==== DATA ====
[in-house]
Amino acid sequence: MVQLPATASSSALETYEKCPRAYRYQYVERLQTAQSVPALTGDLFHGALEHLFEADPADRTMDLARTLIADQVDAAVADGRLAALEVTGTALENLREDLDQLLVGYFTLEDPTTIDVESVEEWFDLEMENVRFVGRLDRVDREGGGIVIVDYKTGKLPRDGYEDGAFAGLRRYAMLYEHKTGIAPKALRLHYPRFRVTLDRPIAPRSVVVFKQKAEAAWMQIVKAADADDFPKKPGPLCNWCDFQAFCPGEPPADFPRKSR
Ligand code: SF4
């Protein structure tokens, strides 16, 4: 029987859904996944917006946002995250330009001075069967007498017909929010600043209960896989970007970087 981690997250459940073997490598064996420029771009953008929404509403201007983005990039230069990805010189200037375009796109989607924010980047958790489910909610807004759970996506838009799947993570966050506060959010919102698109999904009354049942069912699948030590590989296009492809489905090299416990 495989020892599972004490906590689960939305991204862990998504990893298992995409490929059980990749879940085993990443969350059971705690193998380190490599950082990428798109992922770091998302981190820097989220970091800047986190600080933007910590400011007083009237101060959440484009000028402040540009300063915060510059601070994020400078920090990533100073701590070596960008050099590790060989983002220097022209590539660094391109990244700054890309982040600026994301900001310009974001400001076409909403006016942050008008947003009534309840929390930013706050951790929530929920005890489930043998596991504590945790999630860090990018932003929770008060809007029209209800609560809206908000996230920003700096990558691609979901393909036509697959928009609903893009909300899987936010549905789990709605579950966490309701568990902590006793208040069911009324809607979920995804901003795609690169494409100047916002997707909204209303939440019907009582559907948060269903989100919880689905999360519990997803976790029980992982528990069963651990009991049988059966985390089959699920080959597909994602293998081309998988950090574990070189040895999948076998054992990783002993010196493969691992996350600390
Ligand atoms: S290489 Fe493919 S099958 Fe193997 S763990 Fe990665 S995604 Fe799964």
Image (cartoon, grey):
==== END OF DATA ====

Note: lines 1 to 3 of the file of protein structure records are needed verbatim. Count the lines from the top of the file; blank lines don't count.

[in-house]
Amino acid sequence: MVQLPATASSSALETYEKCPRAYRYQYVERLQTAQSVPALTGDLFHGALEHLFEADPADRTMDLARTLIADQVDAAVADGRLAALEVTGTALENLREDLDQLLVGYFTLEDPTTIDVESVEEWFDLEMENVRFVGRLDRVDREGGGIVIVDYKTGKLPRDGYEDGAFAGLRRYAMLYEHKTGIAPKALRLHYPRFRVTLDRPIAPRSVVVFKQKAEAAWMQIVKAADADDFPKKPGPLCNWCDFQAFCPGEPPADFPRKSR
Ligand code: SF4